[4]  Excerpted from eulogy delivered by Susan Bro during the memorial service for her daughter Heather Heyer. Charlottesville's Paramount Theater. Charlottesville, Virginia. August 16, 2017.

[5]  Ibid.

[6]  Ibid.

[7]  Ibid.

[8]  Ibid.

[9]  Testimony of Elwood Shrader, Heather’s Grandfather delivered during Heather Heyer’s funeral service. Charlottesville's Paramount Theater. Charlottesville, Virginia. August 16, 2017.

[10]  The testimony of Heather’s father, Mark Heyer, delivered during Heather Heyer’s funeral service. Charlottesville's Paramount Theater. Charlottesville, Virginia. August 16, 2017. Here he references an observation made by her grandfather.

[11]  Susan Bro, eulogy during funeral service. Charlottesville's Paramount Theater. Charlottesville, Virginia. August 16, 2017.

[12]  Rebecca Shapiro, “Heather Heyer’s Mom Has Powerful Message For Driver Who Killed Her Daughter.” Huffington Post, August 8, 2017.

[13]  Quotes from the first section of this stanza excerpted from the eulogy delivered by Susan Bro during the memorial service for her daughter Heather Heyer. Charlottesville's Paramount Theater. Charlottesville, Virginia. August 16, 2017.

[14]  Heather Heyer’s slogan “If you’re not outraged, you’re not paying attention” posted as her cover photo on her Facebook page.

[15]  The testimony of co-worker Feda Khateeb-Wilson delivered on August 16, 2017 during the memorial service of Heather Heyer. Charlottesville's Paramount Theater. Charlottesville, Virginia. August 16, 2017.

[16]  Ibid.

[17]  The testimony of Alfred A. Wilson delivered on August 16, 2017 during the memorial service of Heather Heyer. Wilson was Heather’s supervisor. Charlottesville's Paramount Theater. Charlottesville, Virginia. August 16, 2017.

[18]  The testimony of co-worker Feda Khateeb-Wilson delivered on August 16, 2017 during the memorial service of Heather Heyer. Charlottesville's Paramount Theater. Charlottesville, Virginia. August 16, 2017.

[19]  Eulogy delivered by Susan Bro during the memorial service for her daughter Heather Heyer. Charlottesville's Paramount Theater. Charlottesville, Virginia. August 16, 2017.

[20]  Rebecca Shapiro, “Heather Heyer’s Mom Has Powerful Message For Driver Who Killed Her Daughter.” Huffington Post, August 8, 2017.

[21]  Excerpted from eulogy delivered by Susan Bro during the memorial service for her daughter Heather Heyer. Charlottesville's Paramount Theater. Charlottesville, Virginia. August 16, 2017.

Yesterday, Today, and Forever? 

A Poem For Charlottesville

 | By Claudia May 

On Friday . . .
We remember the men, women, and children
Who wear their Sunday Best
They stand on crates
They straddle branches
They stretch out on grassy fields
They wave flags
They enjoy their picnic
They fan themselves
They pass around the apple pie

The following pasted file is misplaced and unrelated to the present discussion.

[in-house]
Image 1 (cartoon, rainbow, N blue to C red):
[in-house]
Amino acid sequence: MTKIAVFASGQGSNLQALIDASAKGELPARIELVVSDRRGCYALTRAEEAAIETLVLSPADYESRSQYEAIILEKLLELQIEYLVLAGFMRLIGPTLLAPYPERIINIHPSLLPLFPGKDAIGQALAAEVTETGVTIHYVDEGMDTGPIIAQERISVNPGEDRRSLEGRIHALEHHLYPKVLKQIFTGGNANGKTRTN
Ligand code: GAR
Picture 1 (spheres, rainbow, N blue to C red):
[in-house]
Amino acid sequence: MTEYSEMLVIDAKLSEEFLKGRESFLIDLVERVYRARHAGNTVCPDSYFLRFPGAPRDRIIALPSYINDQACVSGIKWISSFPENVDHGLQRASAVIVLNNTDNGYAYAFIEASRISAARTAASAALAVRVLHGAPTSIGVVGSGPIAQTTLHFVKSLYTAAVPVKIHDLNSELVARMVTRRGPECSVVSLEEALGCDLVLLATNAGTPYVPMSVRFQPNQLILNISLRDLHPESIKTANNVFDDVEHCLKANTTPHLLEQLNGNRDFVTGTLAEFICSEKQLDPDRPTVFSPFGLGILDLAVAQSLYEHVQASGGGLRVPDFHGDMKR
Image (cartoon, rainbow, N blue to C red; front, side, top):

While one or more black beautiful souls
Hang from one tree after another

On Friday . . .

We recall the eagerness of those

Who cannot wait for dawn to break
These “mixed crowds” have come “to view
The ghastly body swaying in the sun”[1]

They arrive in their droves

They ride horses

On roads riddled with rocks

They steer their carriages

Across paths stubbled with stones

They drive cars

Of all makes and sizes and colors[2]

Across roads charred

By the horrors of time

They cycle

They walk

They run

Their mouths water

They relish the sight

Of burnt flesh

And between each bite

Of their food

Their eyes widen

As fire devours the skin

Of black bodies

Strung on trees

 

On Friday . . .

We gather in a church

As people of different beliefs

Community speaks our name

Individuals

Generations

Cultures

Identities

And we sing

We sing because we can

We sing because we must

We are the dreamers

Who dare to dream dreams

With no end

We dare to dream

Beyond the American dream

When Rev. Traci Blackmon

Gives voice to 1 Samuel 17

And preaches the sermon

“Where Are The Dreamers?”[3]

We dare to say yes

We are the dreamers

We cry out for justice

We cry out for love

We cry out for peace

We cry out for equality

We channel our ancestors

And sing

“I woke up this morning with my mind

Stayn’ on Freedom”

Freedom rings through our voices

Freedom pounds church floors

Freedom strides out of church

And takes to the streets

For all

For all

For all

Friday night . . .
Children cannot leave the church
Elders cannot leave the church
Peoples of all hues and identities
Cannot leave the church
We the people
We the beloved
We the image bearers of God
Are “held hostage inside of the church”
We cannot leave this sacred building
For 30 minutes
30 minutes[4]
And yes some of us weep
And yes some of us are angry
And yes some of us are afraid
And yes some of us do not know what to do
Still, we are moved
But will not be moved
Even when those who despise us
Would gladly remove us from this earth

Friday night . . .
Unmasked
Unhooded
Unrobed
The new bearers of the white sheet
Wear clothes stamped
With modern day brands[5]
They adorn themselves
With “Polos and Oxford button-downs
with neatly coifed hair”[6]
They wear caps emblazoned
With “Make America Great Again”[7]
Like a crown

They arm themselves with ammunition
Forged by their predecessors
“The women thronged to look, but never a one
Showed sorrow in her eyes of steely blue;
And little lads, lynchers that were to be,
Danced round the dreadful thing in fiendish glee”[8]
We witness this same “fiendish glee”[9]
The same un-hooded sneer